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Why the bass community is hurting itself.

Discussion in 'Miscellaneous [BG]' started by TRichardsbass, Jan 12, 2013.

  1. TRichardsbass

    TRichardsbass Commercial User

    Jun 3, 2009
    Between Muscle Shoals and Nashville
    Bassgearu, Music Industry Consulting and Sales
    Hello all. This is about basses and prices/pricing. Driven by a conversation I had with someone who was interested in buying my Alembic bass.

    I Put my Alembic Excel on the Alembic forum for a very good price. A little higher then I will take, but I left myself some wiggle room. At the same time, I put it on eBay for a couple of hundred more, to see if someone would bite, and to see what the interest was in it.

    An interested person contacted me after seeing my post on the Alembic forum. I sent all the pictures, showing that the bass really is like NOS. Includes all the case candy. My price was fair. We emailed a bit, then things went silent. I then put the ad on eBay. He contacted me again and asked if the one on eBay was my bass, which I told him it was.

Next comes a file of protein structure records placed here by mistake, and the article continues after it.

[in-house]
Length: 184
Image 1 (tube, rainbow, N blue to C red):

So, after that , I knew I had a very interested Alembic person. Who is looking for or watches Alembics. I told him that even though the bass was listed higher on eBay, if he was interested I had a little room in my price, and if he bought it I would end the eBay listing. I heard nothing back.

    I then did some research on basses I have been watching on eBay, and noticed that many of them have been relisted at least three times, going from a good price to a better price to a "make me an offer" price. About half of them sold at that point.

    After looking at that, it became clear to me. The internet economy has destroyed the price of everything, including bass guitars. And we are doing it to ourselves.